As with all innovations at the early stage of the adoption curve, there are significant risks and uncertainties associated with Ethereum.
Regulatory risks are significant and will increase as adoption gains strength. There are still no clear signs of the direction U.S. regulators will take when it comes to Cryptocurrencies, though we know regulation is coming.
Ethereum has a number of competitors such as Polkadot and Cardano, both created by Ethereum co-founders. Those alternatives will greatly benefit from poor execution on the way to Ethereum 2.0. The Binance Smart Chain, a centralized Ethereum clone, is now processing similar volumes of transactions than Ethereum.
The transition from Proof-of-Work to Proof-of-Stake is unproven at this scale. There are significant execution and security risks associated with the move to Ethereum 2.0. Ethereum is an open-source project managed by committee and consensus. There is no IP protection to save Ethereum from the disengagement of its developer community.
With significant risks comes significant upside. Any hint of a friendly regulatory environment such as the approval of an Ethereum ETF or the confirmation of Gary Gensler as head of the Securities and Exchange Commission will needless to say have an immediate and positive impact on the asset price.
Ethereum is growing into its own as a decentralized digital settlement network and smart contract infrastructure. Major risks remain, most notably in the execution of the Ethereum 2.0 roadmap and the impending regulatory scrutiny. Yet macro tailwinds are equally in favor of a continued appreciation, and the pace of progress seen over the last few months has been monumental. We are witnessing a true revolution in the making, and it's still early enough in the growth and adoption cycle for huge returns.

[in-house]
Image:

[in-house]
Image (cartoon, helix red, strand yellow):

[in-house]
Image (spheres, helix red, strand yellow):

To conclude, two questions remains if you subscribe to the bullish case for Ethereum without being already invested.
How to invest?
Ether is best bought and owned directly, which entails acquiring Ethereum via an exchange and eventually transferring it to an offline wallet. You can buy Ether via a PayPal wallet, although custody will remain with PayPal.
Two applications for Ethereum ETFs are in the works in Canada and likely to get approved given the authorization provided in February to two Bitcoin ETFs. Alternatively, for U.S. investors, you can place a long term bet via your IRA by purchasing shares of the Grayscale Ethereum Trust (OTCQX:ETHE), currently selling at an 8% discount to NAV and with 2.5% annual management fees. The discount to NAV varies daily and there is no guarantee that it will not materially change up or down at any time. Grayscale, however, is committed to converting their fund into an ETF once the regulators permit and one would expect both a reduction in management fees and reduction in discount to NAV as a result.
How much to invest?
If you are invested in the S&P 500, your exposure through that index to those financial companies that stand to be directly impacted (in a positive or negative way) by the Ethereum ecosystem is ~5%. In my experience, as with any form of crypto investing, buying small and averaging up works best. Large drawdowns are still a reality at any point of the appreciation cycle.
Finally, the Ethereum network will not capture 100% of the blockchain enabled settlements. Hedging risk can be partially achieved by investing in direct competitors such as Binance, Cardano and Polkadot. For that, you will need to be further ahead in your crypto journey - that should come soon after buying that first Ether.
Disclosure: I am/we are long ETH-USD, ETHE, BTC-USD. I wrote this article myself, and it expresses my own opinions. I am not receiving compensation for it (other than from Seeking Alpha). I have no business relationship with any company whose stock is mentioned in this article.